Lindsay Tigue of Clarkston is a poet, writer, and researcher. Photo provided
Lindsay Tigue of Clarkston is celebrating the release of her debut poetry collection, “System of Ghosts,” with a reading at the RCAH Center for Poetry at Michigan State University on April 20.
Tigue grew up in Clarkston with her parents David and Nancy Tigue, who still live in the area, sister, Alyssa, and brother, A.J., who also graduated from Clarkston High School. She graduated from CHS in 2003.
“I had so many great teachers in Clarkston,” the poet said. “Two of my best English teachers were Richard Swartout and Linda Densteadt. They encouraged my writing early on and introduced me to great writers. I also had a great French teacher, Vicki Potter.”
“System of Ghosts” won the 2015 Iowa Poetry Prize and was published by the University of Iowa Press on April 1.
“Lindsay Tigue has, first and foremost, a curious mind – her poems are motored by information,” said Craig Morgan Teicher, Poetry Prize judge.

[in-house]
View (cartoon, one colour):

In her book, the poet details the way landscape speaks to isolation and personhood, how virtual and lived networks alter experience.
“I am influenced by facts I learn, stories I hear, and things I see or experience,” Tigue said. “I also learn from the many authors I admire, such as Aimee Nezhukumatathil, Nick Lantz, Ada Limón, Traci Brimhall, and Jennifer Chang.”
She graduated from Michigan State University with a BA in English in 2007, then earned an MFA in Creative Writing and Environment from Iowa State University in 2014. She is pursuing a PhD in Creative Writing at the University of Georgia.
At the April 20 reading, she will also be judging the undergraduate writing prize and giving a lecture about using research in poetry. Her poems and stories have appeared in Prairie Schooner, Blackbird, Indiana Review, Hayden’s Ferry Review, and other literary journals. Check uiowapress.org or call 800-621-2736.
– Phil Custodio